With his DSLR camera in hand, my husband, at the end of his workday, would strategically park himself near the kitchen window to spot the birds. Evenings were the best time for photography for two reasons. The obvious being that business and meeting calls were over. The second and more important one was that it was the golden hour when sunlight from the west provided ideal lighting conditions for photography.
He was suitably rewarded with numerous bird sightings which were beautifully captured in his camera. Since he is a trained ornithologist, the golden rule that he always asks a novice to follow is, ‘Look for the sound before the sight.’ We could hear the ‘tuk, tuk, tuk,’ sound and knew it was the Coppersmith Barbet. Its green body with a red and yellow band near the neck and a dash of the same on the head was its distinguishing feature. He even spotted a juvenile on one of his sightings.
Our kitchen windowsill has some potted plants with colourful flowers. Mynas and Bulbuls occasionally perch on them but this time around there were more frequent sightings. A mother and juvenile of Rose-ringed Parakeets were spotted on a tree. Typical of maternal instinct to feed and nourish the young ones the mother fed the juvenile some wild berries or fruits. As the juvenile lapped up the food offered the Indian Grey Hornbill on the adjacent tree started competing for attention. The distinctive feature of this grey bird with a white belly is its obvious casque or horny helmet above the bill or beak.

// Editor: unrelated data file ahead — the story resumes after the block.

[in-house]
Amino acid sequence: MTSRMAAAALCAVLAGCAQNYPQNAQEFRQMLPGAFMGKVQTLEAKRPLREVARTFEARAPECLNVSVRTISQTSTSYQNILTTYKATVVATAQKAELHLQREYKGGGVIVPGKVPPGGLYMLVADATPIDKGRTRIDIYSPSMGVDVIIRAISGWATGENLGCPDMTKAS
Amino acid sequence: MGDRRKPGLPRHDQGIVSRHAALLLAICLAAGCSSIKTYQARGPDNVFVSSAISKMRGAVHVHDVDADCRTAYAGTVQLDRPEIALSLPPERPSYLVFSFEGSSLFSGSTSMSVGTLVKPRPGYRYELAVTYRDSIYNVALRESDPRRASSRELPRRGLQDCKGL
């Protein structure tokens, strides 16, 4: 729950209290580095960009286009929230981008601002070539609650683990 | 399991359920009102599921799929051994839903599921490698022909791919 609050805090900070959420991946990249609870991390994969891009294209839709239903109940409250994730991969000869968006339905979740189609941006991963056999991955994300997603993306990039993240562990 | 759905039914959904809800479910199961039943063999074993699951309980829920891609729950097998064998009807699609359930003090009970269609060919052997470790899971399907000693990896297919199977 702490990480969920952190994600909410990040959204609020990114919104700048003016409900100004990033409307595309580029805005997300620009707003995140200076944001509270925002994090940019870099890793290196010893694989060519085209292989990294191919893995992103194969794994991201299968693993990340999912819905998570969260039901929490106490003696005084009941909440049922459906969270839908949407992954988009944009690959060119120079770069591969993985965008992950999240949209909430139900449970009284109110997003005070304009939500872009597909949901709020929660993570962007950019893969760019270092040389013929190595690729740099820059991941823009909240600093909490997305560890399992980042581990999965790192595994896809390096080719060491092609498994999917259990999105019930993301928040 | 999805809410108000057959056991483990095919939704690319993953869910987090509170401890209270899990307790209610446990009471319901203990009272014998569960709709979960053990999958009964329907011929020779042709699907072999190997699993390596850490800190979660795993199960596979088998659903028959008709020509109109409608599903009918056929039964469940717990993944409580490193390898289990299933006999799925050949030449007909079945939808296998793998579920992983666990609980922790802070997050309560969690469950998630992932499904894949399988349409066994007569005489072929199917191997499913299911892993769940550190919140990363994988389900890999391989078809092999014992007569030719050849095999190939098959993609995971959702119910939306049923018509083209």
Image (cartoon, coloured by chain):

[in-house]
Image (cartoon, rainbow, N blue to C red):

One lazy summer afternoon, the silence was disrupted by the babbling of the Large Grey Babbler in our balcony. This bird is gregarious and always found in flocks which give it another name of Seven Sisters. These birds are like the chatterboxes in the classroom, forever being reprimanded by the teacher to maintain silence.
Kites frequently hover over the grounds, but in the lockdown, they seemed to be now sweeping down lower than usual. One afternoon we found a feather of a kite in our balcony. We soon realized that kites were now perching on the terraces of the buildings a departure from the usual where they preferred the trees. Another raptor spotted was the Shikra almost camouflaged with its dry surroundings. It surprises its prey from a hidden perch and catches them unaware at high speed. The prey is usually lizards, dragonflies, and small birds and mammals.